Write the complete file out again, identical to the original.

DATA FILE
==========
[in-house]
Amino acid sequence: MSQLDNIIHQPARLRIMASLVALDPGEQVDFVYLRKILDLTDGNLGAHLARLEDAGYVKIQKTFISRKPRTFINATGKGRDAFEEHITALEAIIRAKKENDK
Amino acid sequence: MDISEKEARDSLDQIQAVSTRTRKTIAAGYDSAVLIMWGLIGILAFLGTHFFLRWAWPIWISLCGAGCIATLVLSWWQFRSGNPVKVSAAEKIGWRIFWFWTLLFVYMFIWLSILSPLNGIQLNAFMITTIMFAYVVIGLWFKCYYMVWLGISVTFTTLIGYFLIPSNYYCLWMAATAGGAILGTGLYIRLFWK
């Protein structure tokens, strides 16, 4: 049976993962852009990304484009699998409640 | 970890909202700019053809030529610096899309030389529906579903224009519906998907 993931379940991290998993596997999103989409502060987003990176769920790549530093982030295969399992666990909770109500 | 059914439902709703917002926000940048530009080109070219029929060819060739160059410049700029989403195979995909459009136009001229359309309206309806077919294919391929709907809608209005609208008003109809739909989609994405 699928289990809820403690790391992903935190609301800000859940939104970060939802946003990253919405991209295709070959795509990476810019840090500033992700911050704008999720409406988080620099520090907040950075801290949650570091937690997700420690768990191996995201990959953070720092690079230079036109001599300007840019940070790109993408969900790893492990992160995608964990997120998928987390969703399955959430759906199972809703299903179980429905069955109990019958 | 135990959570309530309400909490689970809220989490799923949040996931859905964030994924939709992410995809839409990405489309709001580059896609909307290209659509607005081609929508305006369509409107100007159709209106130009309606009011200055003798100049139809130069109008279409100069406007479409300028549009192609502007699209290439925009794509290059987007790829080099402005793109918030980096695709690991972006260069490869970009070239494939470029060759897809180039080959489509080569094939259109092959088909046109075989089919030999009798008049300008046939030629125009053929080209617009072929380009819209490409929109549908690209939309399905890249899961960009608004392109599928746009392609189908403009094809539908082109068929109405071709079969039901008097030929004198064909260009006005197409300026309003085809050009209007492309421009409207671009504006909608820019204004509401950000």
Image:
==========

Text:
[in-house]
Amino acid sequence: MSQLDNIIHQPARLRIMASLVALDPGEQVDFVYLRKILDLTDGNLGAHLARLEDAGYVKIQKTFISRKPRTFINATGKGRDAFEEHITALEAIIRAKKENDK
Amino acid sequence: MDISEKEARDSLDQIQAVSTRTRKTIAAGYDSAVLIMWGLIGILAFLGTHFFLRWAWPIWISLCGAGCIATLVLSWWQFRSGNPVKVSAAEKIGWRIFWFWTLLFVYMFIWLSILSPLNGIQLNAFMITTIMFAYVVIGLWFKCYYMVWLGISVTFTTLIGYFLIPSNYYCLWMAATAGGAILGTGLYIRLFWK
């Protein structure tokens, strides 16, 4: 049976993962852009990304484009699998409640 | 970890909202700019053809030529610096899309030389529906579903224009519906998907 993931379940991290998993596997999103989409502060987003990176769920790549530093982030295969399992666990909770109500 | 059914439902709703917002926000940048530009080109070219029929060819060739160059410049700029989403195979995909459009136009001229359309309206309806077919294919391929709907809608209005609208008003109809739909989609994405 699928289990809820403690790391992903935190609301800000859940939104970060939802946003990253919405991209295709070959795509990476810019840090500033992700911050704008999720409406988080620099520090907040950075801290949650570091937690997700420690768990191996995201990959953070720092690079230079036109001599300007840019940070790109993408969900790893492990992160995608964990997120998928987390969703399955959430759906199972809703299903179980429905069955109990019958 | 135990959570309530309400909490689970809220989490799923949040996931859905964030994924939709992410995809839409990405489309709001580059896609909307290209659509607005081609929508305006369509409107100007159709209106130009309606009011200055003798100049139809130069109008279409100069406007479409300028549009192609502007699209290439925009794509290059987007790829080099402005793109918030980096695709690991972006260069490869970009070239494939470029060759897809180039080959489509080569094939259109092959088909046109075989089919030999009798008049300008046939030629125009053929080209617009072929380009819209490409929109549908690209939309399905890249899961960009608004392109599928746009392609189908403009094809539908082109068929109405071709079969039901008097030929004198064909260009006005197409300026309003085809050009209007492309421009409207671009504006909608820019204004509401950000």
Image: